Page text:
Is your social media ready for an emergency? Hurricane Sandy is moving onto the east coast of the US. Has your organization thought through how to deal with the storm and its aftermath through the use of social media?
The best practice is to plan for an emergency before you’re confronted with one. This includes businesses that only have an online presence since a major weather event or other type of emergency may cause outages and other problems.
How do Americans use social tools during disasters? American Red Cross [ARC] - http://rdcrss.org/wUTTuc conducted a survey to find out. You may remember a similar survey last year, but this time ARC polled both online and via telephone to get a sense of the general population’s expectations and activities within social communities.
"Social media is becoming an integral part of disaster response,” said Wendy Harman, director of social strategy for the American Red Cross. “During the record-breaking 2011 spring storm season, people across America alerted the Red Cross to their needs via Facebook. We also used Twitter to connect to thousands of people seeking comfort, and safety information to help get them through the darkest hours of storms.”
Followed by television and local radio, the internet is the third most popular way for people to gather emergency information with 18 percent of both the general and the online population specifically using Facebook for that purposeNearly a fourth (24 percent) of the general population and a third (31 percent) of the online population would use social media to let loved ones know they are safe;Four of five (80 percent) of the general and 69 percent of the online populations surveyed believe that national emergency response organizations should regularly monitor social media sites in order to respond promptly.For those who would post a request for help through social media, 39 percent of those polled online and 35 of those polled via telephone said they would expect help to arrive in less than one hour.The survey findings show that the increasing use of social media and mobile technologies to get disaster information and to seek help should cause response agencies to adjust their procedures to use social media more to engage with people in times of disaster and to include information from social networks in their response efforts. Finally, an Infographic of some of the key findings of the survey - http://bit.ly/xPYpzP ;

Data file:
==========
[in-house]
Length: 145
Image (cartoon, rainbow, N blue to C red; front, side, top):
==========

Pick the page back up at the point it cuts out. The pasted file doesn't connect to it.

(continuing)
The Disruptive Power of Social Media Forces Emergency Managers to AdaptSocial networking and social media are forcing crisis managers, volunteers and the affected public to change how they prepare for, respond to and recover from disaster.Virtually...
Crowdsourcing disasters. New social media sites. Centralized places to get info. Our digital team at FEMA has been busy launching a number of new tools to help the public and our partners to prepare for, respond to and recover from disasters.
David Murphy of PC Magazine recently published an article that looked at the role of social media in emergency response - this article came out post hurricane (Planet Geospatial: AnyGeo: How people use social media in emergencies.
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